Land Transactions

Why Are Site Costs Negotiated?

While a land transaction is in escrow, the buyer is typically conducting all of its due diligence investigations and trying to confirm development costs.  A homebuilder will be wanting to confirm all of the house costs, both hard and soft, but it is the site development costs that often become a point of negotiation before the due diligence period expires, especially if the site has not been graded or improved.

The homebuilder should have a fairly good grasp of the house costs, since the same house or some version will be built again on the new property.  But if the site has not been improved, the grading and improvements can often be very unique to the site and therefore maybe a point of contention.  If the land transaction assumes the buyer will complete the site work, why would either party be concerned about these site costs?

When a parcel is brought to the market, the homebuilders do not typically have adequate time nor do they want to spend the effort on a site cost estimate until their offer has been accepted.  A sophisticated land seller will usually provide the prospective buyers with a site cost estimate to use as a basis for their offers.  As example, a seller’s site cost estimate of $2.0 million will be used by the buyers to determine how much to offer for the land.  If all buyers are using the same cost estimate, the playing field should be level to all.

During the due diligence period, suppose that the buyer’s cost estimate comes in at $2.5 million.  The buyer will contend that the seller’s estimate was too low and that the offered land price should be reduced by $500,000 to compensate for the higher cost estimate.  And then the negotiation begins.  The seller will want the buyer to accept the lower estimate and maintain the offered price while the buyer wants the opposite.  A typical process will be each party sitting across the table from each other and dissecting each other’s assumptions.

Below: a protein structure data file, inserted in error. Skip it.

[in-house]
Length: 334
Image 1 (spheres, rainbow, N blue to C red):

As you can imagine, a buyer may want to pad their estimate to get to a lower land price.  The seller needs to understand how much of the increase is legitimate, if any of it at all.  The other prospective buyers may come in with the same higher cost estimate and the seller will be in the same situation with an alternate buyer.  Strategies and tactics are very much a part of this negotiation, which sometimes can become quite contentious.

Please share with us below any comments or questions you might have.

John Kaye has over 30 years experience within the land development and homebuilding industries, having held senior management positions with The Irvine Company, Koll Real Estate Group, and Brookfield Homes. As a developer, John has overseen the land acquisition, entitlements, and development of master planned communities, residential tracts, urban infill sites, and land assemblages. His experience and skill sets include land acquisition, land brokerage, project management, market analysis, finance, and strategic planning.

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